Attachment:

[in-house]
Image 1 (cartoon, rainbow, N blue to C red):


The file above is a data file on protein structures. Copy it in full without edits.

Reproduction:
[in-house]
Image 1 (cartoon, rainbow, N blue to C red):